Michael Basseler; Ansgar Nünning; Christine Schwanecke (eds.)

The Cultural Dynamics of Generic Change in Contemporary Fiction


Theoretical Frameworks, Genres and Model Interpretations

With the recent renaissance in the theory and history of genre, questions regarding what brings about and, consequently, explains transformations within and between particular genres have become central. Whether literary genres are conceptualized as families or classes of texts, sets of norms and conventions, repertoires of devices, pragmatic constructs, bodies or fields of knowledge, social contracts between authors and readers, or interpretive tools, to name but a few of the most dominant explanatory frameworks, one thing is clear: genres are dynamic and changing phenomena. Yet, although literary theory has come up with a broad range of ways to account for generic change, scholars have neither given systematic and up-to-date overviews of the various explanations of generic change nor have they closely looked at the ways in which new genres have actually emerged to test the hypotheses generated by genre theory.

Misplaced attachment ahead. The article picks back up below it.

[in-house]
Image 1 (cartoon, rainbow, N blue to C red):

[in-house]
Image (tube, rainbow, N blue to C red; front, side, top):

Accordingly, this volume sets out to shed further light on the processes involved in what can be referred to as ‘the cultural dynamics of generic change.’ As this phrase immediately suggests, the contributions gathered in this volume are particularly focused on exploring the ways in which genres are determined not only by changes within the literary system, but also by ‘extra-literary’ – i.e., cultural – factors and contexts. While the chapters in the first part are dedicated to theorizing the cultural dynamics of generic change by offering systematic overviews of existing approaches as well as spelling out new hypotheses, the chapters in the second part of this volume examine a great variety of fictional genres within, as well as beyond, British and American literature.

Inhaltsverzeichnis / Table of Contents (PDF)


ISBN 978-3-86821-491-8, 408 S., kt., € 45,00 (2013)

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